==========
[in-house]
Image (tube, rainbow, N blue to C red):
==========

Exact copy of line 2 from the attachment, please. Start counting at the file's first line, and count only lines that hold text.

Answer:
Image (tube, rainbow, N blue to C red):